Most countries around the world are struggling to get enough of their people inoculated by vaccinations. India has the contrary problem: several shots, but a lack of willing people.
When India is implementing one of the world’s largest inoculation initiatives, some health care staff and other leading workers refuse to take part in phase III trials because of safety issues over a vaccine. As of Monday, only about 56% of people eligible to get shots have stepped forward in a nation with the world’s second-worst Covid-19 outbreak.
If the inoculation rate does not increase significantly, India will fall far short of its target of inoculating 300 million people-or about a quarter of the population-by July. This will reverse the global efforts to suppress the virus and cause hope that recovery is rooting in an economy that is expected to experience its greatest annual record contraction in 1952.
Vinod Kumar, the resident physician at the All India Medical Science Institute of Patna, in Bihar’s eastern state, said, “At least 40 per cent of doctors here are unsure and want to wait.”
“Carrying out a vaccine trial on us when India is short of doctors, health-care workers don’t make sense,” Kumar added.
Though vaccine hesitancy has surfaced in places like Japan and Brazil, and China’s candidates have also faced data issues, the size of the problem in India is by far the biggest.
The key issues with places such as the US and Europe have mostly to do with insufficient supplies and not vaccine acceptance, and some countries turn to New Delhi for assistance: India claims that it can manufacture 500 million export shots per month and countries like the United Kingdom, Belgium and Saudi Arabia sought to buy them.
“Many in our institute aren’t comfortable with Covaxin because we don’t know how effective it is,” said Adarsh Pratap Singh, a member of the Resident Doctors Association of the All India Medical Sciences Institute in New Delhi.
“To build trust among people the government must come out with the data, evidence of the trials, and encourage free and fair discussions,” Adarsh Pratap Singh added.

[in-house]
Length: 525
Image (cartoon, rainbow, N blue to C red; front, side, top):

AIIMS Resident Doctors Association president Adarsh Pratap Singh says that in other countries politicians and head of states have taken the vaccine to instil confidence among peoplehttps://t.co/f3NnxLUWRR@AIIMSRDA @MoHFW_INDIA @ICMRDELHI @NITIAayog @rashtrapatibhvn
— DR.ADARSH PRATAP SINGH (@adarshaiims) January 21, 2021
AIIMS RDA ex-general secretary Srinivas Rajkumar said in the past, the ICMR and the Health Ministry have had an inconsistent approach to many problems, including the vaccination process, and this has dented their reputation. Now the only way forward is to make information public and encourage informed decision-making.
Low Vaccination Rates
As of Monday, about two million shots were distributed nationwide. On January 21, about 75% of registered citizens came for vaccination in Madhya Pradesh, the largest state in Central India.
Two days later in Bihar, the rate was much lower at 51,6%. According to state authorities, about 55% of eligible persons had been vaccinated in Rajasthan on January 19 and 54% in the southern country of Tamil Nadu.
While the hesitation applies to both vaccines, people are most sceptical about Covaxin from Bharat Biotech. For example, in Tamil Nadu, only 23.5 per cent of those allocated Covaxin received the shots on Jan. 19, compared with 56 per cent for Covishield of the Serum Institute, the data show.
Nirmalya Mohapatra, a doctor at New Delhi’s Ram Manohar Lohia Hospital, plans to “wait and watch” for more clarification before being vaccinated with the shot from Bharat Biotech. If given an option now, he would opt for Covishield, as leading medical journals have checked its efficacy results.
“Covaxin could turn out to be a better vaccine in the future,” said Mohapatra, who is also vice president of the resident doctors’ association at the hospital. “But for now there is some apprehension because of the lack of a complete trial.”